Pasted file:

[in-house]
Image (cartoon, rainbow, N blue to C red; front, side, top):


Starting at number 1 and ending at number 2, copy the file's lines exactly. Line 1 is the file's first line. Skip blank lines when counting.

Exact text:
[in-house]
Image (cartoon, rainbow, N blue to C red; front, side, top):